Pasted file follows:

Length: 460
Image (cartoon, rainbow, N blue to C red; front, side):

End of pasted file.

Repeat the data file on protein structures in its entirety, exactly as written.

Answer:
Length: 460
Image (cartoon, rainbow, N blue to C red; front, side):